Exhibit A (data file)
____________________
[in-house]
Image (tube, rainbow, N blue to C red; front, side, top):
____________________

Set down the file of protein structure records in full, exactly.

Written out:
[in-house]
Image (tube, rainbow, N blue to C red; front, side, top):